When we were kids, The War was something happening Over There. From America, you could support it or oppose it, but either way, your day would be your day. You would go to school, go to work, see your friends, eat your food. You might be outraged, and you might write protest songs or powerful pieces of journalism, and you might attend rallies or organize meetings, and you might campaign against this politician or in favor of that one, but it’s all happening here, in America, where you go home at night to your bed and your family and your books and rest from it all.

I saw a different picture on Monday.

On Monday, I saw the war. This was it, right here, right at this protest. And it made sense. And my intuitive understanding of why it made sense chilled me to the bone, nearly as much as the threat itself. Let’s say you are running a war. Not fighting a war, but running one. Operating one. Writing, directing, and producing. There are two sides. There is your side, and there is the enemy’s side. It is not divided by nation, but by personal alliances. It’s not personal, Sonny. It’s strictly business. Not anymore Mikey. It is totally personal. There can be no room for “patriotic dissent” because the term itself is oxymoronic. You cannot oppose your government’s “unjust” war with any more expectation for success than you can oppose your boss’s “unjust” firing. It’s just business, bubba. I’m the boss. I pay you. And don’t you fuckin’ forget it.

Brotherly love in the Corleone family.

Right. There are two sides, ours and theirs. Are you with us or against us? Will you aid our efforts or oppose them? To you regular folk, war is this terrible event where “innocent” people are killed and maimed and damaged beyond repair, where your tax dollars waste away and the school systems sink and whatever else it is you people think. To us, it’s a football game. You play fantasy football, right? We play too. We are the owners and coaches, and we’re having a ball. You are the gnats protesting the 18-game season, declaring our game too violent, accusing its surrounding culture of a corrupting influence. But we have the power, and it’s our league, and we’ll do what we want, and there we both are. Majority rules, bub. Thanks for playing.

There is that great scene in The Third Man when Holly Martens (Joseph Cotton) rides to the top of the Ferris wheel with his old, mysterious, nefarious friend Harry Lime (Orson Welles). Lime has been accused of mass-murdering hospital patients by diluting penicillin in a black market scheme, and Martens tries to guilt him: “Have you ever seen any of your victims?”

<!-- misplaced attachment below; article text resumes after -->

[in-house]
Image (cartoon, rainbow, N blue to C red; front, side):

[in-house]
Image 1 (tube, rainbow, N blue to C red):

The slick Lime easily deflects that sentiment, opening the compartment door from high above the ground: “Victims. Don’t be melodramatic. Look down there. Would you really feel any pity if one of those dots stopped moving forever? If I offered you 20,000 pounds for every dot that stopped, would you really, old man, tell me to keep my money? Or would you calculate how many dots you could afford to spend…”

When Lime first says the word “dots,” there is an amazing shot of the carnival far, far away. We see a carousel spinning slowly, and tents, and the dots who are even more shadow than dot. And for that one moment, our sympathies flip from the protagonist Martens to the scoundrel Lime, and we gasp in horror as we realize that, yes, just for a moment, we were calculating dots.

It made sense. It made perfect sense. And from their perspective, it wasn’t crazy or scary. It was right. “If we want to fight in Afghanistan, and you want us out of Afghanistan, then you are now with Afghanistan and we’ll do to you as we’ll do to them.” It was Paths of Glory all over again. Either you fight and risk possible death from the enemy, or you refuse and face definite death from us. It’s your choice, fella. Make it fast.


Robbie Gould missed a first quarter field goal, but like I once heard applied to Jerry Rice, "The great aren't always great. They're just great when they have to be." Amen. (AP photo/ Morry Gash)

When I finally reached Division, the bars were filled with navy and orange, (sprinkled with green and gold), and flowing with football chatter both televised and in person. It was five minutes to kick. My apartment was ten minutes away. And I needed at least ten minutes of phone charging, probably fifteen.

So I scrapped my original plan to bike to Irving Park, and twelve minutes after I plugged in my phone I was headed toward the Six Corners looking for a cab ride. The game was underway, and the announcers and crowd reactions were already steaming from the bars as I walked beneath the Damen Blue Line. As I crossed North Ave. after the Flat Iron building, a cab pulled into the North Ave. left turn lane. We caught eyes, signaled each other, and I hopped in.